mackintosh + glasgow styles // DESIGN HISTORY

Art Nouveau developed out of the Arts & Crafts era.  Most historical buildings considered Art Nouveau are located in France and Belgium, but movements in other countries shared both the aesthetic and tenants of the style.  The first of these was Mackintosh style (also sometimes referred to as the Glasgow School, due to its relationship with the Glasgow School of Architecture) out of Glasgow, Scotland.

This movement was headed by Charles Rennie Mackintosh, a Scottish architect and designer who developed a style that drew from both the Arts & Crafts and Art Nouveau movements.  Although Mackintosh had a short design career, he is well known in design circles as a modern architecture pioneer.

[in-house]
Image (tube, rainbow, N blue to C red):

Mackintosh formed the design group, The Four, which consisted of his wife Margaret Macdonald, her sister Frances and Herbert MacNair.  The Four developed an entire space, from the light fixtures to the carpets to the furniture.  His commercial structures even included a specialized font.


Mackintosh light fixture + Michael Graves chandelier

Similar to Frank Lloyd Wright and Greene & Greene, Mackintosh and his design group created light fixtures, furniture and textiles for his residential projects.  Michael Graves is a modern architect known not only for his public buildings, but also for his lighting designs.


Mackinstosh’s Bessett-Lowke Home + This Modern Kitchen

Mackintosh and Macdonald were known for their use of dramatic dark walls and geometric patterns. 

This modern apartment includes a graphic ceiling to separate the kitchen from the living space, dark wood cabinets and a unique turned-leg and mirrored island.

Much like the Arts & Crafts Movement, Art Nouveau was an international style that had distinct movements in several countries including France/Belgium, Vienna and Germany.


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